By MICHAEL PERKINS
OF THE VARIOUS DEFINITIONS OF THE WORD “TWILIGHT” found in most references, one is generally factual in a kind of scientific sense, i.e.,
the soft glowing light from the sky when the sun is below the horizon, caused by the refraction and scattering of the sun’s rays from the atmosphere.
….which is nice if you’re a meteorologist, I guess. But a second interpretation of the word is more poetic, and, for my money, a little more on the philosophic side, as in
a period or state of obscurity, ambiguity, or gradual decline.
…or, to break it down more personally, I am sad to behold the first kind of twilight because I tend to typify the second type.
Photographically, I am always drawn to the strange inter-stages of life, in which things exist in more than one plane of existence at once.
For example, in the frame shown here, which I took just as a normal summer dusk was about to be swallowed up in a sudden surge of storm clouds, things are rather stuck in neutral. There is some bright light to be had, but it’s suggested more than stated. In like “midphase” fashion, the thunderheads that rolling in are not absolute black, just an overripe version of daylight colors. Everything is coming, and going, about to happen, and absolutely over with, all in the same moment. As this all came together, I wasn’t sure I could snag any usable image at all, but in instances like these, with everything mutating every second, you have to try, if for no other reason than to immortalize the weird convergence of forces.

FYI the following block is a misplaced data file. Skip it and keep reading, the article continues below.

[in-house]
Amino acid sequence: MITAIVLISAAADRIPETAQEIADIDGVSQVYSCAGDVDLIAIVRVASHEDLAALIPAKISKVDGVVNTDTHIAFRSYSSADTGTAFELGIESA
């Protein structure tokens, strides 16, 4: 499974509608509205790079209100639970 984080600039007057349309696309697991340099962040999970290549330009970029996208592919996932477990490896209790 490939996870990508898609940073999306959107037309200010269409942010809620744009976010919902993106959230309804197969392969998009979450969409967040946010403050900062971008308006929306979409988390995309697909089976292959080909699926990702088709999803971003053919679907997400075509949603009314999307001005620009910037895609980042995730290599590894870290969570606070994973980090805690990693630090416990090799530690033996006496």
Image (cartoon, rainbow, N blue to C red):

Or, to use this collision of edge of night/cusp of day to refer back to the contrasting definitions of twilight we started with: I saw something ending in the day, and likewise felt something ebbing away in myself, and that’s why I took the picture.